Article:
Whether you are packing your bags to attend an edtech conference and looking forward to all the interesting meetings, talks and ideas the event will spark, or you are on your return journey and contemplating how to share what you learned with those back at work, consider using sketchnoting to create memorable conference summaries.
Sketchnoting, sometimes also called graphic recording or visual notetaking, is a method of notetaking that incorporates hand-drawn visual elements. As Dimeo (2016) observed, sketchnoting has become an increasingly popular technique for recording information from meetings and presentations at conferences. Mendonça (2016) even uses the term ‘Doodle Revolution’. A typical sketchnote uses simple shapes, frames, and connectors to visualize information. Thus it has a low barrier and is an accessible technique regardless of the individual’s artistic talent and drawing prowess.
The term sketchnoting was coined by Michael Rohde, who wanted to harness his habit of doodling to create clearer and more memorable notes by incorporating meaningful images (Rohde, 2013). Apart form conference notes, two areas of application are the facilitation of meetings and group discussions and the use as a classroom assignment. Perry & Weimar (2017) describe sketchnoting as another way to nurture visual literacy in students, and exclaim: “It seems drawing and writing by hand is making a comeback!”.
As Shambaugh (1994) pointed out, many students fail to fully realize the advantages of notetaking as a process to develop a personalized learning system – the same is true for conference attendees. By creating a personal approach to visual notetaking, one is more likely to process the information, revisit, and follow up. Another reason why sketchnotes are appealing for conference attendees is that despite being typically analog artifacts, the images can easily be turned into digital pictures and shared on social media. Thus, they can help nurture the personal learning network during and after the conference.
While many sketchnotes are created in real-time during an event such as a lecture, talk, or meeting, other visual notes summarize the creator’s take on asynchronous media such as video recordings, podcasts or books. Perry & Weimar (2017) see after-the-fact sketchnotes as a great way to revisit traditional notes that were taken during the conference presentation. Another way to simplify sketchnoting is to prepare beforehand, and revisits the notes afterwards to allow for further edits and additional details.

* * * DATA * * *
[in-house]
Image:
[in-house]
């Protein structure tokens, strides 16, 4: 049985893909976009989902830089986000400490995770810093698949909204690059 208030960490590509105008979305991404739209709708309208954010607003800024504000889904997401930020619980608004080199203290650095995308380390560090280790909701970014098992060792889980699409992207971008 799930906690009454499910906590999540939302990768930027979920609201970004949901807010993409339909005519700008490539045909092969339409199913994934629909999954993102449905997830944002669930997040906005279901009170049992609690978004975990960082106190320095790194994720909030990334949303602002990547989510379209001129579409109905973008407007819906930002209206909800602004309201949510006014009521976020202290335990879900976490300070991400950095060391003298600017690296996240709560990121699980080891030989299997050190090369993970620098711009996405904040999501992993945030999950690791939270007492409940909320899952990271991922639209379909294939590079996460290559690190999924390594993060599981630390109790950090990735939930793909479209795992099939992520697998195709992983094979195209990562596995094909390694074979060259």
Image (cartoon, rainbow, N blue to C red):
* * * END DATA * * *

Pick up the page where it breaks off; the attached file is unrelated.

Veronica Erb (2012) suggests to follow a simple, three-step process when doing a live sketchnoting:
- Plan: Before the presentation, think over and include what you already know: the title, the description, the speaker’s background. Try to anticipate how those elements might affect the sketchnote.
- Focus: During the talk, make sure to get the most interesting and hardest to remember information down first. Use simple drawings to save space for them, before adding further complexity. If you need to write down a list, try adding the first word of each item, so you can finish the list when you have more time.
- Refine: As the presentation concludes, look over your notes: Are the main points clear? Is the flow of the talk obvious? If not, use arrows to indicate flow, texture to fix mistakes and frames to highlight key elements.
Are you planning on using sketchnoting during your next AACE conference? Let us know, and use the tags #aacesketch to share your notes!
Dimeo, R. (2016). Sketchnoting: an analog skill in the digital age. ACM SIGCAS Computers and Society, 46(3), 9-16.
Erb, V. (2012). How to start sketchnoting. Bulletin of the American Society for Information Science and Technology, 39(1), 22-23.
Mendonça, P. (2016). Graphic facilitation, sketchnoting, journalism and ‘The Doodle Revolution’: New dimensions in comics scholarship. Studies in Comics, 7(1), 127-152.
Paepcke-Hjeltness, V., Johnson, J., Lefebvre, L., McCubbins, O. P., Bender, H., Wolff, M., … & Mills, J. R. (2018). Sketchnoting A Methodology: Fostering Team Based Learning Conversations.
Perry, K. & Weimar, H. (2017). Sketchnoting: You and Your Students will Benefit. In P. Resta & S. Smith (Eds.), Proceedings of Society for Information Technology & Teacher Education International Conference (pp. 1248-1255). Austin, TX, United States: Association for the Advancement of Computing in Education (AACE).
Rohde, M. (2013). The sketchnote handbook: the illustrated guide to visual note taking. Peachpit Press.
Shambaugh, R. N. (1994). Personalized Meanings: The Cognitive Potentials of Visual Notetaking.